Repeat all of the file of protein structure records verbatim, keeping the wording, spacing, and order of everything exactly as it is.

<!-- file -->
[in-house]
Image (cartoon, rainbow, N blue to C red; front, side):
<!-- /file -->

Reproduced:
[in-house]
Image (cartoon, rainbow, N blue to C red; front, side):